Please take whatever time you need to understand what has been told to you through this article. It is very important that you understand this most basic concept. Stay tuned for information regarding portfolio building including a discussion regarding time horizons and how this will impact asset allocation over time.
1.Small cap stocks are companies with market capitalization of $500 million or less. They are less well established and are more volatile in nature but provide a larger potential for growth. Large cap stocks are companies with market capitalization exceeding $500 million and are more established and normally volatile by nature.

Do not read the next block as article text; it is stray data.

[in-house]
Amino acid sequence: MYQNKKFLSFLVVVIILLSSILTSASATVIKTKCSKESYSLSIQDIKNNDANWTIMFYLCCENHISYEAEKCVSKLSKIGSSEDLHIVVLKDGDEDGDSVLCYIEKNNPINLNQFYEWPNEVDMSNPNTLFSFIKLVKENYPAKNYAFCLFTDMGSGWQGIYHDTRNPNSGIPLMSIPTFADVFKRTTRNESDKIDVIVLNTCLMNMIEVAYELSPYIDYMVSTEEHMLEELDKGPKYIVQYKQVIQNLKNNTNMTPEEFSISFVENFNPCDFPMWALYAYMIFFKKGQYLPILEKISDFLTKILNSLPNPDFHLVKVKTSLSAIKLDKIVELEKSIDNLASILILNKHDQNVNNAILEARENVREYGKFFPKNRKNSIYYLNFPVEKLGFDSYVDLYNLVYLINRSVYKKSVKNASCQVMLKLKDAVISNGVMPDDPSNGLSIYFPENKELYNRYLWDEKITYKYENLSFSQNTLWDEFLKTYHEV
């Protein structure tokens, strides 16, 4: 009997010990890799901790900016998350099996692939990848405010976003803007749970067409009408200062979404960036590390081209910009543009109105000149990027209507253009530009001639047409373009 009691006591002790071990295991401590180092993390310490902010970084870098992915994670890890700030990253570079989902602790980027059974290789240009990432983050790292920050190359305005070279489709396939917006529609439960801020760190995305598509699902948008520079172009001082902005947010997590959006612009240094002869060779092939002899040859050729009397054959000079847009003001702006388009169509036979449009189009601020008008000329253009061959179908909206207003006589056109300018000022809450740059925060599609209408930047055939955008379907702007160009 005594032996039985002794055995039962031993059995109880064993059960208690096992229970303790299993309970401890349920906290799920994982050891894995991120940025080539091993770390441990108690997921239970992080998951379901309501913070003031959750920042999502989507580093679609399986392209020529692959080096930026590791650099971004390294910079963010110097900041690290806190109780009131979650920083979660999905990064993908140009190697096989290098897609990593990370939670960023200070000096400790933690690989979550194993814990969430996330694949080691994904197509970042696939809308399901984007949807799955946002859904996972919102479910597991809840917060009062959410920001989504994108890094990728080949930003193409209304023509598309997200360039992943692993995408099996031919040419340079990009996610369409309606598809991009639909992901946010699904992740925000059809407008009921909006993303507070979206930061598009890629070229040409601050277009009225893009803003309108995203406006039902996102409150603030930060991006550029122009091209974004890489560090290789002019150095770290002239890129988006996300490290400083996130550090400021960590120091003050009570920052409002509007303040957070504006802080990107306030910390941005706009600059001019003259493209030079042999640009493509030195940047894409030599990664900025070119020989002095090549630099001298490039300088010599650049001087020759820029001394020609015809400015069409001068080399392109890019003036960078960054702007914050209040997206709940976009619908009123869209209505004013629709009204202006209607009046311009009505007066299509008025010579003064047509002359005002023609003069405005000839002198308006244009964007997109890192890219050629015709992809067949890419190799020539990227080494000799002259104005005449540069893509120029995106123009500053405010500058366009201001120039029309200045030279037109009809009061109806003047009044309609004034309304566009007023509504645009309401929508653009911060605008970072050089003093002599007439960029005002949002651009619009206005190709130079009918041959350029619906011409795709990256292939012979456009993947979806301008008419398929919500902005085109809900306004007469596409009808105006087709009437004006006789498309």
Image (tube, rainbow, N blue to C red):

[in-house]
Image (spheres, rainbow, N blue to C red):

2.Long-term capital gains and qualified dividends are taxed at a maximum of 15% as tax law stands today. It is possible that the rates could be a low as 5% if a given taxpayer is in a 10% to 15% marginal income tax bracket.